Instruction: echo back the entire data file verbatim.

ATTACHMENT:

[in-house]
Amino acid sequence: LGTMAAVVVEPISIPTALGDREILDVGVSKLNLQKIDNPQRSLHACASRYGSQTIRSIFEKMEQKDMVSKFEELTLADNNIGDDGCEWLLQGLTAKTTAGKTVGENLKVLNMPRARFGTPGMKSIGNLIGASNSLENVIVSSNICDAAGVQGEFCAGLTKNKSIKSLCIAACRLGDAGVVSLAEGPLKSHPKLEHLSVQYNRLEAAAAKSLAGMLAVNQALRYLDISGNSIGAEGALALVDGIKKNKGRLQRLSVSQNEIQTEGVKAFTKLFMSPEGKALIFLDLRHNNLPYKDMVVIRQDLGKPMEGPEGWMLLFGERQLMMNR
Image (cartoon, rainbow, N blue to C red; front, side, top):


[in-house]
Amino acid sequence: LGTMAAVVVEPISIPTALGDREILDVGVSKLNLQKIDNPQRSLHACASRYGSQTIRSIFEKMEQKDMVSKFEELTLADNNIGDDGCEWLLQGLTAKTTAGKTVGENLKVLNMPRARFGTPGMKSIGNLIGASNSLENVIVSSNICDAAGVQGEFCAGLTKNKSIKSLCIAACRLGDAGVVSLAEGPLKSHPKLEHLSVQYNRLEAAAAKSLAGMLAVNQALRYLDISGNSIGAEGALALVDGIKKNKGRLQRLSVSQNEIQTEGVKAFTKLFMSPEGKALIFLDLRHNNLPYKDMVVIRQDLGKPMEGPEGWMLLFGERQLMMNR
Image (cartoon, rainbow, N blue to C red; front, side, top):